A unique portrayal of four members of the American Indian Movement--with fascinating full-color images created by Leonard Peltier! In I Will, Sheron Wyant-Leonard weaves the personal recollections of four members of the American Indian Movement--Leonard Peltier, Dennis Banks, Dorothy Ninham, and her husband Herb Powless--into a unique narrative to expose their trials and tribulations over the course of two decades.
When the last gunshots of the Indian Wars of the nineteenth century faded away, a dark and desperate time began for Native American people. Poverty, neglect, and hopelessness hung over the land. But as the seventies dawned, a powerful movement for change by newly urban Indians was born with the words “American Indian Movement.” This story includes a brief look at their childhoods as told by the people who lived it, including their government boarding schools, reservation life, the fight against termination, and the founding of their resistance with building takeovers and government saboteurs, a prison escape, including the largest FBI manhunt in history. They walked the line between courage and fear and changed the direction of Native history forever.
About the Author
Sheron Wyant-Leonard was born in the heart of the Jim Crow south in Montgomery, Alabama, to an Army Airborne Ranger and a mother who worked for the Department of Defense. Drawn to the arts at a young age, she worked in the American theatre with legendary director Adrian Hall and studied with renowned playwright, Donald Freed. Her play about the AIDS Quilt, titled In Stitches, was an early indication of her serious talent. She takes on the hard issues of Human Rights and the human struggles that have often evolved unfairly in American society. Her stories examine the heart, written with the clever hand of a dramatist. Her characters understand both the humor and the profound sadness born of a poverty not of one’s own making. She resides in Chattanooga, Tennessee.
“Finally, the one we’ve been waiting for, this book is a true examination of the heart.” —Jack Healey, former Director of Amnesty International USA
“Both heartbreaking and inspiring, Sheron Wyant-Leonard adds a dimension to the American Indian Movement narrative that demands its place among the story of this country. This book captures the essence of the American Indian Movement in the tragedy, triumph, and above all, humanity, of the individuals portrayed.” —Judge Kevin Sharp, U.S. District Court (2011- 2017)
"While working in a community radio news department during the 1970s, I aired many reports on AIM-related events. Back then, I thought I knew what was going on. After reading I Will, I realize I barely knew a single thing." —Jill Hannum, former News Department co-director, KPFA-FM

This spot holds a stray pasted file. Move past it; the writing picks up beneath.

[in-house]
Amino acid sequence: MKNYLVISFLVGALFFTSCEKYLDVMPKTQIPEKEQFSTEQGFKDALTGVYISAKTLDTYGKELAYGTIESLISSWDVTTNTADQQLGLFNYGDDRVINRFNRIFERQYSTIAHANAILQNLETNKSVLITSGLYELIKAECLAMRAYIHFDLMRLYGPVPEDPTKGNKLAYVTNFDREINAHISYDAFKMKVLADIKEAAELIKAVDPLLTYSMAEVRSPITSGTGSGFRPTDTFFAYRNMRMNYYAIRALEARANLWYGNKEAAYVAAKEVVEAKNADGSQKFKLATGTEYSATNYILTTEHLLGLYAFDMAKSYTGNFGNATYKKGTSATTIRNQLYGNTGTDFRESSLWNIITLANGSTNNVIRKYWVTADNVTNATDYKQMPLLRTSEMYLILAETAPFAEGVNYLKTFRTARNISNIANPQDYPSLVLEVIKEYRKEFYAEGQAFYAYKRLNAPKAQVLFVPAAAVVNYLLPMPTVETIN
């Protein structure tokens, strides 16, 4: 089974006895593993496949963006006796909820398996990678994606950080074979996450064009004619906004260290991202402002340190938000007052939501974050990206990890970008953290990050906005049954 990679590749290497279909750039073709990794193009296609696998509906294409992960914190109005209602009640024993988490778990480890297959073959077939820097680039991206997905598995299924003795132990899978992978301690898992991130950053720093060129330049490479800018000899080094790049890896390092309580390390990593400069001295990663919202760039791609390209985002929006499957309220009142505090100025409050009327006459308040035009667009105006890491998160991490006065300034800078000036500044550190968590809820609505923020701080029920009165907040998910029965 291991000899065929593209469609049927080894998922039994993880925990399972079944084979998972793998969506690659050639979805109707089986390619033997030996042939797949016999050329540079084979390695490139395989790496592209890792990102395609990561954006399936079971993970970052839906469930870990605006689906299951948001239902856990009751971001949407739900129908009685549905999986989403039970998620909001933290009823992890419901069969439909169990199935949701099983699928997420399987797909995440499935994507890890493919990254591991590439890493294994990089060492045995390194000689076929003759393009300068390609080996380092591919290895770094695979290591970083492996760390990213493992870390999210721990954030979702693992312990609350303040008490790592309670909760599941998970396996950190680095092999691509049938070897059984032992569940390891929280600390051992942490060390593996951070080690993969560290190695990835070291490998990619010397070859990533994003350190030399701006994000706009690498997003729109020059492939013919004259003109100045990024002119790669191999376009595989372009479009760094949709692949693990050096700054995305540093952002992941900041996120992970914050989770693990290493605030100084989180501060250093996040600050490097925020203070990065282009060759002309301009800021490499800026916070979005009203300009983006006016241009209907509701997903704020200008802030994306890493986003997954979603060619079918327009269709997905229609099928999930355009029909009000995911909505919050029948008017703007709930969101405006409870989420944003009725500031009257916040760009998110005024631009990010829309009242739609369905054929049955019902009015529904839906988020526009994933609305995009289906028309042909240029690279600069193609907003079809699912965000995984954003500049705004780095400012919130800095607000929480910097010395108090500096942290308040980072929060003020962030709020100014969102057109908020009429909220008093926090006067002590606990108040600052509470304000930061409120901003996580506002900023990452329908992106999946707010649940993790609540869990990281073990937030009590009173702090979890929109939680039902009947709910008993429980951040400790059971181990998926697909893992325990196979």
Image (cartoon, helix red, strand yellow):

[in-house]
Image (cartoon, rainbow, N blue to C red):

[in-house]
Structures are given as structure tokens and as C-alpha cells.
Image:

“During the Wounded Knee siege in winter of ‘73 on the Pine Ridge Indian reservation, roadblocks were set up to keep out the press. Herb Powless, (featured in I Will) arranged a two-day overland trek to get me inside the besieged compound. I owe my films to that." —Kevin McKiernan Pulitzer Prize-nominated foreign correspondent; creator of The Spirit of Crazy Horse and From Wounded Knee to Standing Rock films
"I Will humanizes history, uplifting the tenacious and courageous love that mobilized a world-changing movement for Native rights. Wyant-Leonard reveals the inspiring life spark carried through extraordinary individual leaders who lit the way for future generations." —Gabrielle Tayac, Ph.D., Associate Professor of Public History at George Mason University
"Sheron Wyant-Leonard has a poet’s way with words and understands that it is the details, closely and freshly observed—a glance between friends, the feel of falling snow, one night’s alignment of the stars, the manifestations of hunger or fear or joy—that make a story, even about important, troubled times, come to life. I Will weaves into the arduous paths of four people who ended up leaders of the American Indian Movement insights about love, courage, determination and the wisdom of native ways. The result manages to be both heartbreaking and inspiriting." —James Silk, Binger Clinical Professor of Human Rights at Yale Law School